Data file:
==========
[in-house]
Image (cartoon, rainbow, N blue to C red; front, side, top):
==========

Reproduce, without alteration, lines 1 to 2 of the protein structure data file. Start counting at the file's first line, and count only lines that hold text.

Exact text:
[in-house]
Image (cartoon, rainbow, N blue to C red; front, side, top):